Author’s Note: This is a short story written for a college class, based off a single black and white photo. Writing the story was only step one, as the main project of the class was to layout, print, and bind a full book. For the relatively short time frame I had to write, I’m pretty happy with the story itself. The rest of the project, I was less confident in, but I passed so it was good enough. I am going to avoid too heavily editing this story from the original draft I turned in, but there may be instances that I can clean up quickly that I may not be able to resist. I will try to implement the formatting I designed into the printed book where possible.
This story also involves alcohol, references to drug usage, and violence. Fair warning.
I was born in 1882, in the small adobe hut on my parent’s farm in Apan, Mexico.
I grew up a poor, largely uneducated farm boy, and I was not unique in that respect, because there were plenty of other farmer children who would play with each other in the city when our parents took us to market come harvest time. My childhood may have been normal if not for one boy, Armando Cruz. Armando was the undisputed leader of our group of friends, even though he was not even the oldest one among us, and was only older than me by a few months at the most. But Armando had enough charisma for three people, and he knew how to use it. For all the trouble we got into, Mondo had a knack for talking our way out of punishment more often than not, which didn’t exactly make up for getting us into that trouble in the first place.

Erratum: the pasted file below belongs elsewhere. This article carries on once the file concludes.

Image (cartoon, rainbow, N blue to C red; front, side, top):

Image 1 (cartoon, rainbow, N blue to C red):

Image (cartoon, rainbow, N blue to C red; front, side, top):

I will never know what Mondo saw in me, to choose me of all people to stick to like glue. We shared some similarities of course, both of us were only children, and we had fathers with drinking problems. Apparently that is enough to form a lifetime bond with another human being. During the harvest, all of the children would get together and run rampant for the week while our parents earned our money for the next season, but in the growing season we saw very little of one another, except for Mondo. I still remember the first time he appeared at our doorstep, late one afternoon, asking if I could join him for an adventure. A few compliments my mother’s way, and I was soon following Mondo into the foothills to have an adventure. His visits were frequent but unpredictable, and even more puzzling to me was how he managed to travel the miles and miles between his family’s plot of land to mine, and still have energy to trek into the hills, sometimes for days. If he had been walking, it would have taken him nearly three days, but I suspected he hitched rides for a majority of his journey. How he did it is a secret that he has never, and will never, reveal.
Eventually we grew out of adventuring through hills and were put to work in the fields. Mondo talked quite a few of our childhood friends into taking up jobs for one of the big pulque farms, claiming we’d make more money than just working for our parents, and so we all signed up and ended up working ten hour days in the sun, and sleeping in bug ridden cots, crammed like sardines in a glorified tool shed. It was hard labor, and most days after we finished in the fields we were too tired to eat again until our meager breakfast the next day. But Mondo found a silver lining. On Fridays, if we worked fast enough, we could finish the day’s work and then hitch a ride on the delivery wagon that was taking the barrels of fresh pulque into the capital, Mexico City. After the first couple weeks we got bored with the small bars at the very edge of town, and started trying new places. Eventually Mondo heard about a new place opening up called “El Charrito,” and it was supposed to be one of the best places in town. Little did I know that night would change my life forever.